I loved Central Park and hot dog vendors, walks along the Hudson River, and the bodega on the corner of Seventy-Second and Broadway where I bought my coffee every morning. I loved the underground vibrations of the subway, the collective pulsing energy of 1.6 million people trying to make their dreams come true.
I thought we'd live in New York forever. I'd just finished my master's degree in creative writing; Jay worked in computer forensics at a Big Four accounting firm. First there would be my debut novel, then his partnership, then one day a red Bugaboo stroller parked in the lobby of the Upper West Side brownstone we'd rent-a two-bedroom with a tiny sliver of park view. In the meantime, there would be art museums and yoga classes and dog parks and late-night drinks with friends. There would be vacations in the Hamptons or St. Barth's.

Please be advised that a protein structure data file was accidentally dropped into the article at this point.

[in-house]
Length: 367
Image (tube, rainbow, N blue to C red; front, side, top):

Then Jay came home one night, a night that should have been a typical Tuesday spent curled up on our worn blue couch with pad thai from Siam Inn. But instead of asking me to order extra spring rolls, Jay walked in, dropped his briefcase in the doorway, and looked around our apartment like he'd never seen it before.
"BKC wants me to move to India," he said. "To start up the new practice."